Beginners questions to OSCP

This topic contains 6 replies, has 4 voices, and was last updated by  bahr 4 years, 11 months ago.

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  • #8749
     bahr 
    Participant

    Hi there,

    I’m working as a fulltime developer, and want to make my career change into penetration testing and security. Now the last 6 months, I’ve read mostly about networking and tcp/ip etc. to get a refresher on these things. I’ve decided that I want to do the OSCP, to get some hands on experience and introduction into penetration testing, hopefully something that could kickstart my career as a penetration tester.

    My background info is like:
    – Programming experience about 4 years fulltime, mostly .NET, Javscript, and some basic Python
    – Working knowledge of TCP/IP, I’ve been reading up on HTTP, DNS, packet sniffing, sockets etc.
    – Used Linux/Ubuntu on/off for several years, so I know my way around in a shell, but I’m not like an expert in system administration on linux.
    – Know basic use of wireshark, tcpdump, nmap to some degree.

    So my plan is to go ahead with OSCP, to get myself a systematic, structured and hands-on introduction to penetration testing. Realistically I would probably have like 2 hours / day in weekdays to study + the entire weekends. Since I don’t have any experience, I have a lot to learn, so I’m wondering whether 90 days at all will be enough.

    Therefore I plan to only signup for 30 days of lab time, to get the course material and videos, and study it (and in that time, I probably won’t use the labs that much, since I’m reading I guess?), and then when I feel ready to give the labs a shot, I plan to repeatedly extend with 30 days until I feel I’m ready to take the exam.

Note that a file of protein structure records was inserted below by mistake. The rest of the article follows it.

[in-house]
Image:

Do you think this a reasonable approach in my case? Or would I better of signing up for full 90 days of lab time to begin with? Or should I try out playing with my own labs first like metasploitable, or something different before taking the course?

  • #53958
     m0wgli 
    Participant

    @bahr wrote:

    Therefore I plan to only signup for 30 days of lab time, to get the course material and videos, and study it (and in that time, I probably won’t use the labs that much, since I’m reading I guess?), and then when I feel ready to give the labs a shot, I plan to repeatedly extend with 30 days until I feel I’m ready to take the exam.

    Do you think this a reasonable approach in my case? Or would I better of signing up for full 90 days of lab time to begin with?…

    I’d personally start with the 30 day option, and then make a decision regarding any extension periods after your experience with the course materials and labs.

    You’re only looking at a $100 difference between going with 30 days lab access and then adding another 60 days, as opposed to purchasing 90 days outright.

  • #53959
     bahr 
    Participant

    Thank you for your answer πŸ™‚

    Do you think,that I would be ready to take the OSCP now with my current background?